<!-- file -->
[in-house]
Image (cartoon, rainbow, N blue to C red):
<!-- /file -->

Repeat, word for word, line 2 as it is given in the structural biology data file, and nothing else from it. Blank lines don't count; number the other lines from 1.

Image (cartoon, rainbow, N blue to C red):